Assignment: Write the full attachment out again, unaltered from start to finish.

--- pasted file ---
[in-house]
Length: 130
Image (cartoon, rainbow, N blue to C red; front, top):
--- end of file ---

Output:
[in-house]
Length: 130
Image (cartoon, rainbow, N blue to C red; front, top):